Note: The 1900 Census is not available on the NARA website, only the microfilm catalog is. For access to the census, you can visit any NARA facility or purchase the microfilm, go to the subscription-based Ancestry.com website (there’s free access to Ancestry in all NARA facilities), or check with your local library or genealogical society.

      Check the Guion Miller Rolls on microfilm roll M1104. These include 45,847 applications by Eastern Cherokees to share in an award granted by the U.S. Court of Claims on May 28, 1906. You can view the Guion Miller Rolls index online.

      Check the Census of Intruders. For example, the Cherokees compiled a list of intruders in 1893. See the listing of microfilm rolls pertaining to Non-Indians in Indian Territory available from NARA’s Fort Worth facility.

      See the page of links to Indian/Native American web sites, compiled by the National Archives librarians.

      See the Department of Interior’s How Do I Trace Indian Ancestry? page.

      Ask yourself why do you think your ancestor was Indian? Just because they may have lived in Indian Territory does not make them Indian. There were many non-Indians living in these areas.

      ——————————————————————————–

      If you found your ancestor online in the Dawes Rolls, you can:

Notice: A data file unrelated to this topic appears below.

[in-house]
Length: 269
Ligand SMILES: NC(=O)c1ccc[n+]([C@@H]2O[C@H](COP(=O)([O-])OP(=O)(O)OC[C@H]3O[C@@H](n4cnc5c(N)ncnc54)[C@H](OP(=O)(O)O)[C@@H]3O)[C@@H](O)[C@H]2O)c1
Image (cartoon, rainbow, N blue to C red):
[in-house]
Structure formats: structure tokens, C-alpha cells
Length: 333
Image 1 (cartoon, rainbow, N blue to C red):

Continue Native American Research Online
      Find Tribal Membership information: Tribal Membership in the Cherokee Nation.
      Creek Nation
      Choctaw Tribal Membership
      Chickasaw Tribal Membership
      Seminole Nation of Oklahoma

      Review the following article in Prologue, The Journal of the National Archives
      Snakes & Scribes: The Dawes Commission and the Enrollment of the Creeks, part 1 and part 2, by Kent Carter, Spring 1997, Vol. 29, No. 1

      Check the Guion Miller Rolls on microfilm roll M1104. These include 45,847 applications by Eastern Cherokees to share in an award granted by the U.S. Court of Claims on May 28, 1906. You can view the Guion Miller Rolls index online.

      Read Kent Carter’s book, The Dawes Commission and the Allotment of the Five Civilized Tribes, 1893-1914. Publisher: Ancestry.com; (May 1, 1999). ISBN: 091648985X

      Search NARA’s Microfilm Catalog, American Indians: A Select Catalog of National Archives Microfilm Publications.

      See the list of holdings in the Fort Worth facility from the Bureau of Indian Affairs.

      See the list of Microfilm Rolls pertaining to Native Americans available at the National Archives at Fort Worth

      Read about Indian Census Rolls, 1885-1940, which also lists Microfilm roll numbers, the jurisdiction, and dates.

      Link to other NARA web pages relating to Indian/Native American records at NARA

      Link to Indian/Native American web sites, compiled by the National Archives librarians.

      See the Department of Interior’s How Do I Trace Indian Ancestry? page.

      The Oklahoma Historical Society holds some federal records related to the Five Civilized Tribes, and their web site has info. on Native American research. (This is one of NARA’s Affiliated Archives.)

Leave a Reply

Your email address will not be published. Required fields are marked *